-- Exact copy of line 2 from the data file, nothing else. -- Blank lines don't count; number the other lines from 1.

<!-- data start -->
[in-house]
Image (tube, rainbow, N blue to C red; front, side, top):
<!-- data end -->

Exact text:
Image (tube, rainbow, N blue to C red; front, side, top):